A newly published study used activity monitors to track how sleep habits changed in younger and older teens as they grew during a two-year period. Key findings, for instance that the children fell asleep later as they matured and resisted sleep longer after the nightly onset of hormonal sleep signals, lend new support to recent recommendations by the American Academy of Pediatrics that middle and high schools avoid starting earlier than 8:30 a.m.
If school starts early in the morning and adolescent physiology naturally produces later bedtimes, the inevitable result is less sleep. A new study adds to the case for later school start times for middle and high school students.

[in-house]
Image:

Credit: Mike Cohea/Brown University
In addition to Carskadon and Crowley, the paper’s other authors are Eliza Van Reen, Christine Acebo, Leila Tarokh, Ronald Seifer, and David Barker of Brown and the Bradley Hospital; and Monique LeBourgeois of the University of Colorado.
The National Institute on Alcohol Abuse and Alcoholism supported the research.